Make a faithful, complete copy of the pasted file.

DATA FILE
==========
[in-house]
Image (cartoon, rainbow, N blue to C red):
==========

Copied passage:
[in-house]
Image (cartoon, rainbow, N blue to C red):